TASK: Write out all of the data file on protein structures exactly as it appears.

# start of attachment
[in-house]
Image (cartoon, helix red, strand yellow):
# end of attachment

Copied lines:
[in-house]
Image (cartoon, helix red, strand yellow):